09:00 AM until 05:00 PM
LocationJapanese Garden at Fort Worth Botanic Garden View map
3220 Botanic Garden Rd.,
Fort Worth, TX, 76107
- Website: https://brit.org/japanesefestival/
- Line/Box Office Phone: Fort Worth Botanic Garden: 817/463-4160; Botanical Research Institute of Texas: 817/332-4441
Free with general garden admission: $12 adults, $10 seniors 65 and older; $6 children 6–15; free children 5 and younger. Free for FWBG|BRIT members.
- Ages: All ages
Enjoy traditional Japanese performances, food, and more in the Fort Worth Botanic Garden during this family-friendly event with large support from the Fort Worth Japanese Society.
Japanese culture highlights from the Spring Festival will include:
- Performances by two Taiko drumming groups, traditional dances, karate experts, and Master Swordsman G.K. Sugai.
- Displays of the miniature worlds of bonsai trees from the Fort Worth Bonsai Society, and demonstrations in Origami, Calligraphy, and Japanese Games from the Fort Worth Japanese Society.
- Vendors selling treasures from origami jewelry to anime plush figures, star charts to crafts made with vintage kimonos.
- Food from Asian food trucks preparing delicious meals and snacks, as well as authentic Japanese cuisine prepared by the Fort Worth Japanese Society. (See the menu here.)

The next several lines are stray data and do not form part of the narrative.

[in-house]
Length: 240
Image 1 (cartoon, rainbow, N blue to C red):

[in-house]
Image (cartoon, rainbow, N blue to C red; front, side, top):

- See the Japanese Garden's Tea House, which has recently undergone a comprehensive restoration.
Guests for the Japanese festival may park at:
Main parking lot University Drive and Botanic Garden Boulevard:
3220 Botanic Garden Blvd, Fort Worth, TX 76107
Weekend parking lot at Montgomery Street and Interstate 30 access road:
3408 W. Freeway, Fort Worth, TX 76107
The garden's Fall Japanese Festival is planned for November 5–6, 2022.
About the Japanese Garden
The Fort Worth Japanese Garden, completed in 1973, is a traditional strolling garden with winding paths through the landscapes and around ponds. The garden consists of 7.5 acres filled with cherry trees, Japanese maples, magnolias, bamboo, bridges, and ponds filled with koi fish.
Except in the spring, there are few flowers blooming in the Japanese Garden due to the Japanese practice of Mono no Aware. Mono no Aware translates to “transient/bittersweet beauty,” meaning if the garden was always blooming, it would never be special.